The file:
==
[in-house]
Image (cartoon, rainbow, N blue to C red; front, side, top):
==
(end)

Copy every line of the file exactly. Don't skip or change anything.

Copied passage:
[in-house]
Image (cartoon, rainbow, N blue to C red; front, side, top):